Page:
Seven Myths about IEP Students

 had an IEP pretty consistently all through my years in the Virginia public school system. I received services for my low vision starting in kindergarten, and while I transitioned to a Student Assistance Plan in third grade, I received a 504 plan followed by another IEP in eighth grade. There are a lot of myths about having an IEP, and about the students who receive services. Here are seven that I have seen the most frequently.

You can't be in the general ed classroom if you have an IEP

When people think of special education services, they often imagine a self-contained classroom where the students spend their days exclusively interacting with other people who have disabilities. However, that is only true for a very small percentage of students. While some might spend part of their day in a modified classroom, there are many students with IEPs that are fully integrated into the general classroom with the rest of their peers.

Students with low vision can't get an IEP

When I received an IEP again in eighth grade, there were many staff members at my middle school that had no idea what category that my condition fell under. One of the thirteen categories listed was, literally, "vision impairment." One of my other friends who also has low vision had a similar incident where their IEP was categorized under "other health impairment" because they insisted that students with vision impairments could not receive IEPs. Students with vision impairments can indeed get IEPs for their condition!

Students always get their accommodations

While the IEP is a legal document protected by federal law, that does not mean that people will always follow it perfectly, or even follow it at all. It is better to have the IEP than to have nothing at all, though. Read more about collecting documentation for IEP violations here.

Students that are gifted or on the honor roll don't get services

Some staff members will insist that students who are gifted or who make high grades do not qualify for IEPs, as they are doing well in school. The reverse is also true, where students with IEPs are not expected to make high grades or be identified as gifted. There is actually a term for students who receive special education services and are considered gifted- twice exceptional, or 2e. By giving students the accommodations they need, they are more likely to thrive in the educational environment.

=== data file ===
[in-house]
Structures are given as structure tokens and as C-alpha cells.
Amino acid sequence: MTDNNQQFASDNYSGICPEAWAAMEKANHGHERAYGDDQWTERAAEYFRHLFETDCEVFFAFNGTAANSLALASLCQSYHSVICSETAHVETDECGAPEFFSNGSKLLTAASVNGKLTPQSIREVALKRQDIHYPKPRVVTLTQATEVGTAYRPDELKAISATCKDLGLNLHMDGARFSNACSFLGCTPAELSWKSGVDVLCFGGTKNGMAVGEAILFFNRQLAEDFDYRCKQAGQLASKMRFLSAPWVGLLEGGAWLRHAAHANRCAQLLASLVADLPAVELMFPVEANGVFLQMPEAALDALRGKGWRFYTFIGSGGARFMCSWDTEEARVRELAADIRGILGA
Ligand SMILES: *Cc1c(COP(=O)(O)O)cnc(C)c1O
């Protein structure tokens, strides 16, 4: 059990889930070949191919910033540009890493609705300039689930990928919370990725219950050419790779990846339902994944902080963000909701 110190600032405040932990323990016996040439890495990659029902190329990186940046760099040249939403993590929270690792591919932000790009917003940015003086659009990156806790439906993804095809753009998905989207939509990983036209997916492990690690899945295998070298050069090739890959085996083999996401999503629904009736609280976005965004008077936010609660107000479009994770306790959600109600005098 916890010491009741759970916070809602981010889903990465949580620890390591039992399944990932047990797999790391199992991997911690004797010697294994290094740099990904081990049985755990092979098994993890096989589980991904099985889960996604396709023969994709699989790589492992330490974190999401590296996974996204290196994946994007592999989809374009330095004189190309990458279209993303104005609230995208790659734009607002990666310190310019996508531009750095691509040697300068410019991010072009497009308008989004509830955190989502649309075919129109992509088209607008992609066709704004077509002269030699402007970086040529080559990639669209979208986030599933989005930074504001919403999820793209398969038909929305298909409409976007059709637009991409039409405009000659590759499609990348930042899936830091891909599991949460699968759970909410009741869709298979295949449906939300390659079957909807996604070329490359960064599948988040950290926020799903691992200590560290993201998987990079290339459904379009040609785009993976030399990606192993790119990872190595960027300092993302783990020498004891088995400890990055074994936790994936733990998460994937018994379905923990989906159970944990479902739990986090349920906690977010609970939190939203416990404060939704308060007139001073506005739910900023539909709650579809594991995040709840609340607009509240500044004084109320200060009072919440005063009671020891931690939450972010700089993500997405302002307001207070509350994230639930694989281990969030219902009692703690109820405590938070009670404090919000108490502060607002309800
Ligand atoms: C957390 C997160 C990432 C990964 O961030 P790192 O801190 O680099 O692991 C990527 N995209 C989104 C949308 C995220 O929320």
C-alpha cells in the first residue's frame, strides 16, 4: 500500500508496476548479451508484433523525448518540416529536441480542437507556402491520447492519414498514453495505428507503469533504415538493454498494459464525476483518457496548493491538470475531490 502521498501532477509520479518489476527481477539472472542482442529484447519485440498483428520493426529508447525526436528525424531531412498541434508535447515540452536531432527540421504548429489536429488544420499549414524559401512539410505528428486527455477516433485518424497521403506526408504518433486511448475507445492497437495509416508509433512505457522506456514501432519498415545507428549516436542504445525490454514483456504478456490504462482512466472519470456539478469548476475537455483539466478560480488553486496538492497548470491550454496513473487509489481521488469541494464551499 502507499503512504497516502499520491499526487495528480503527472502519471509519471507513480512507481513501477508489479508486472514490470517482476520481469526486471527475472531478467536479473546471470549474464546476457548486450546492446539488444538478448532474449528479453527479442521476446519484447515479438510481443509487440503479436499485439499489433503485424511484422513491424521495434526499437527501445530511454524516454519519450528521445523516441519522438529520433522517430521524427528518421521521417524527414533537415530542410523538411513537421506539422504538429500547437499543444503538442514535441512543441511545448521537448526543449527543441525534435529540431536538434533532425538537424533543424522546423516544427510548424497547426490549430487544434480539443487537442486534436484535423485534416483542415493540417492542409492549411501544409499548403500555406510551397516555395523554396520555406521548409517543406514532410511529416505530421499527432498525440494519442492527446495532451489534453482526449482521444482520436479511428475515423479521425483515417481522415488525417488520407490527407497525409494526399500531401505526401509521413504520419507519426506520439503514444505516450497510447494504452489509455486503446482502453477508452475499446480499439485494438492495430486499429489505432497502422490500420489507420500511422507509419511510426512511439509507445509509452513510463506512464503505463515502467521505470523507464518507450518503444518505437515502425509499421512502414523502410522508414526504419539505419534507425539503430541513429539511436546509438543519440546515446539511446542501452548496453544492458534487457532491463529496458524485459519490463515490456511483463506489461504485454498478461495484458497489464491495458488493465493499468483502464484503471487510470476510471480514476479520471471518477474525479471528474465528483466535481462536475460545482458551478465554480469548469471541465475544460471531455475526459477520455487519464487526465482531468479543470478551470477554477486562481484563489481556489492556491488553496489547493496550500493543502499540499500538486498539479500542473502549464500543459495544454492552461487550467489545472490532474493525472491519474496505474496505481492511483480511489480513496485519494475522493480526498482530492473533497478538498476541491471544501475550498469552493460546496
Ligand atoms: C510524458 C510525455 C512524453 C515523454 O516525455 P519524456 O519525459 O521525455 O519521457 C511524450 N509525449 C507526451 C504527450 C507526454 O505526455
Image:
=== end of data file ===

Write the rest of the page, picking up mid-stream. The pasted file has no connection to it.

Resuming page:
The case manager follows the student around

Case managers have several students, so they can't follow every student around. The job of a case manager is to ensure that a student's IEP is followed and to help them prepare for transition services. My case managers in high school put a very strong emphasis on self advocacy, which is something I very much appreciated. Read my post on five things your IEP case manager won't tell you here. I also have a post on learning to self-advocate here.

Having an IEP will hurt college admissions process

Colleges do not know that you have an IEP unless you tell them. Having an IEP alone will not cause any issues when applying to colleges or the decision process. After all, IEPs expire the day the student graduates from high school- students will need a disability services file in order to receive services in college. Read more about creating disability services files here.

Everyone can tell you receive services

Teachers keep information about student IEPs confidential. No one will know you have an IEP unless you tell them. My fellow students noticed that I received large print, but no one questioned me that often about it or asked why everything was so large. This didn't stop me from questioning why I had an IEP though- read my post about when I hated having an IEP here.

Every student with an IEP is unique, and there is no one specific image as to what a student who receives services looks like. If a student needs accommodations, they should get accommodations. Simple as that.

 

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